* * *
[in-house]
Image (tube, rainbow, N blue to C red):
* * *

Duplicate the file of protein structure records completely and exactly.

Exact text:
[in-house]
Image (tube, rainbow, N blue to C red):